Roasted Carrots with Za’atar

By Ann Fulton

A singular spice rub, a sprinkle of feta, and a quick stint in a hot oven will reinvent cooked carrots and add delicious variety to your usual veggie routine.
Jump to Recipe

A singular spice rub, a sprinkle of feta, and a quick stint in a hot oven will reinvent cooked carrots and add delicious variety to your usual veggie routine.

 

The secret to perfectly roasted vegetables rests in the details: a high enough oven temperature (to achieve caramelization before the veggies become overcooked), not crowding the pan (we don’t want them to steam), and just the right amount of oil and seasonings.

(For all my best tips and tricks for roasting a wide variety of vegetables, you might enjoy this post on How to Roast Any Vegetetable, which includes some easy meal suggestions too.)

In reality, olive or avocado oil and the simplest of seasonings (i.e., salt and pepper) are enough to make most vegetables shine when they are roasted, as the high, dry heat of the oven does an excellent job of enhancing their natural flavor. So, I frequently stick to this simple approach.

However, adding an extra herb or spice, perhaps a light squeeze of lemon juice, and occasionally a dusting of Parmesan or feta cheese, can be easy ways to level up those roasted veggies, transforming a really good side dish into a truly memorable one.

In the following roasted carrot recipe, za’atar does just that.

What is za’atar?

Ubiquitous throughout the Middle East, za’atar is the name of a spice mixture that includes a blend of savory herbs, usually thyme, oregano, and/or marjoram, along with sumac for a bright and tangy note and toasted sesame seeds for a hint of nuttiness. The blend often includes a modest amount of salt as well.

Altogether bright, earthy, herby, and nutty, the versatile blend offers an easy, flavor-enhancing addition to your spice rack. (More ways to enjoy za’atar further down.)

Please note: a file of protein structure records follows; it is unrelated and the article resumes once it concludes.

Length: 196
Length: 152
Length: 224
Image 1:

I like to also add ground cumin (an equal amount of cumin seeds could be substituted) to the carrots in the following recipe, as its earthy flavor complements the za’atar beautifully.

Where to find za’atar? Your grocery store may carry this blend in the spice aisle, but it may also be located in the international aisle. Recently, I could not find it in our local Wegmans (and didn’t see anyone to ask on that particular day), so I asked Emily to keep an eye out for it.

Days later at the same store, she did find someone to ask, and sure enough, the za’atar was high on a shelf across from Indian ingredients. Moral of the story: If you can’t find za’atar, find someone to ask before you give up!

Alternatively, you can purchase this highly recommended brand online as well.

No za’atar? If you don’t have za’atar and want to make the most of your carrots, follow the recipe below and replace the za’atar and with a half teaspoon each dried thyme and oregano. This will approximate a portion of the flavors in za’atar and be delicious in its own way. Dried thyme alone also complements carrots beautifully. 

 

For an additional layer of flavor, I like to top the following roasted carrots with crumbled feta cheese towards the end of cooking time. Briefly broiling at this point will create additional golden-brown spots on both the carrots and the cheese.

The trick is to do this when the carrots are just a hint firmer than you ultimately want them. In the following recipe, I offer a range of times, as the thickness of the carrots as well as personal preference will determine your perfect level of doneness. I recommend checking after about 12 minutes and adding time as needed. I use the tip of a sharp knife and look for a hint of resistance. You can taste one too.

 

A note on the feta: First, you may omit or serve on the side if there’s a dairy-free diner in your midst. If using, a block feta in brine rather than the drier, pre-crumbled variety will work better here. If using the latter, you may enjoy simply sprinkling it over the cooked carrots and skipping the broil step.

I also purchased goat milk feta. Compared to feta made with cow milk, I think it has a fuller flavor and a little more tang. A combination of goat and sheep milk feta is a nice option too. 

 

Now that you have za’atar in your spice cabinet, how else might you use it?

More ways to enjoy za’atar:

  • Sprinkle it over avocado or avocado toast…